Just across the English Channel, or La Manche, as we are talking about diving (plongée) in French waters, the Normandy and Brittany coastlines of France offer diving and life ashore that are both refreshingly different and yet reassuringly familiar.

Normandy, like the corresponding English coastlines of Sussex, Hampshire and Dorset, has its fair share of wrecks from shipping losses over hundreds of years and casualties from two world wars. British divers are drawn to the area by the historical significance of the D-Day campaign.

One of the earlier wrecks of the campaign is the Carbonelle, LST523. The ship had already delivered a number of loads to the beaches when, on 19 June, 1944, it struck a mine off Omaha beach and sank in 29m. Now resting upside-down with the hull collapsed and broken over the remains of a cargo of Sherman tanks, the Carbonelle is a classic representative of the campaign.

A wreck that met disaster at the tail-end of the campaign is the Leopoldville, an 11,500-ton Belgian passenger liner converted for use as a troopship. She had already made 24 crossings to Normandy, transporting more than 50,000 troops, when she was torpedoed on the afternoon of Christmas Eve, 1944, just five miles out of Cherbourg.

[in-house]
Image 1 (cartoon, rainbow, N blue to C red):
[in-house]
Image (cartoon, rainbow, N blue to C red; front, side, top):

There were 2300 US troops on board and 802 were lost; more men than went down with the Royal Oak in Scapa Flow. Yet the sinking of the Leopoldville was hardly mentioned in the press at the time. It is now a protected wreck and a permit is required to dive it.

And although it is the D-Day wrecks that draw divers to Normandy, there are many others to explore. Near Cherbourg lies the Ussa, a 2000 ton steamship that was carrying railway wagons and hay. She struck a mine in the approaches to Cherbourg in 1917. Further east, in the Bay de la Seine, the Turquoise was a Belgian-built coaster sailing under German command when torpedoed in 1942 (Wreck Tour 29, July 2001).

Ashore, youll find a wealth of battlefield sites and museums of the campaign to explore. Every small town and village seems to have its own war memorial and story to tell. But you dont have to be a military enthusiast to enjoy the shoreside part of a diving trip, with all that ambience from countryside to classically French towns, with their markets and pavement cafÃÂs.

Then there is the food. I am not a big fan of cordon bleu cooking, but what I look forward to are the odd glass of wine, French bread, paté and cheese.

If Normandy represents the French side of Channel wreck-diving, Brittany, further west, marks the French side of the western approaches - the equivalent of Devon or Cornwall. Here there are more wrecks in typically better visibility and, as in the south-west of England, the scenic side of diving becomes more attractive.